Pokémon Scarlet and Violet are peppered with complaints about performance
Pokémon Scarlet and Violet have been released on November 18. The ambitious new titles incorporate a variety of brand-new features, but shortly after release, there has been a flood of reports concerning performance issues.
Pokémon Scarlet and Violet are the latest titles in the Pokémon series and have been developed by Game Freak. The biggest change in the games is that they now take place in an open world in which players can enjoy a seamless adventure across many towns and landscapes.
The Pokémon series conventions found in previous titles have been reworked, including changes like non-linear story progression and the introduction of the Let’s Go system, which allows for automatic battles with wild Pokémon without transitioning to the regular battle screen. However, the games have a number of performance issues—possibly the result of the aforementioned ambitious changes.
Polygon had three writers play the game for around 20-40 hours each, and they reported significant drops in frame rate and occasional crashes. A reviewer for IGN commented, “It is, by far, the worst-running Pokémon game I have ever played, and among the worst-running AAA games I’ve played on the Switch so far. And yes, this is with the day one patch.” In Japan, “処理落ち(Shori Ochi),” which can be translated as “frame rate drops,” was one of the trending Twitter terms for November 18.
As far as reports from regular players, a post by Twitter user @Cherrim has been met with an overwhelming response. The video in the tweet shows a Psyduck being captured during the early stages of the game and features quite a lot of choppiness. Objects in the background also pop in and out of existence, making the video quite demonstrative of the current issues. The tweet quickly became a widely shared example of the poor performance found in the games.
According to @Cherrim, the video was recorded while the game was in handheld mode, and it had been updated with the latest patch. She also mentioned that when playing in TV mode, there weren’t really any frame rate issues. There have been similar reports from players in Japan, so it’s unlikely that @Cherrim’s problems are an isolated case.
The games feature a vast open world that can be freely explored without any loading screens. It’s unclear whether this is the cause of the issues, but there are locations where the frame rate drops and many instances where the games cannot maintain a stable 30fps. The frequency of the frame rate drops also appears to be influenced by whether the games are being played in Handheld or TV mode.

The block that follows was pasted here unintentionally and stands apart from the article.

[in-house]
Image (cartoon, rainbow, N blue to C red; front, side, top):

YouTube channel Potato Spud Gaming created a video that shows a frame rate comparison between Handheld and TV modes. Both modes struggled to hit 30fps for the majority of the video, but when there were a lot of objects on screen, TV mode appeared to maintain a slightly higher frame rate. Both modes appeared to perform well during cutscenes and battles, with a frame rate that stayed around 30, but when exploring the open world, frame rate drops appeared to be very common.
On social media, there were also players sharing advice about microSD cards for those who purchased the game digitally. It was recommended to either use a UHS-I class card with a high transfer speed or to move the game to the Switch’s internal storage. Some have also suggested freeing up as much extra space in the internal storage as possible. It’s unclear how much of an effect these methods actually have, but performance may very well differ depending on the playing conditions.
I (the original author of this article) have also been playing the game, and at the very least, there are certainly many occasions when the frame rate drops below 30, which is the general standard that many games aim for as a minimum. These days, there are a lot of high-end games on other consoles that run at a standard of 60fps, and there are even games starting to be released that support 120fps. As a result, any games that cannot maintain a stable 30fps naturally become the target of criticism and complaints about performance.
On the other hand, the new games also feature high quality models and animations. One must also consider the performance limitations of the Switch hardware itself, and the balance that needs to be struck between performance and the open world elements. There are likely many players who wanted to see and explore this open world, even with the frame rate issues.
That said, the peculiar sight of character models appearing and disappearing has an unmistakably negative effect on the sense of immersion. Let’s hope that the issues with frame rates, crashes, etc. are improved via future updates.
Written by. Marco Farinaccia based on the original Japanese article (original article’s publication date: 2022-11-18 17:17 JST)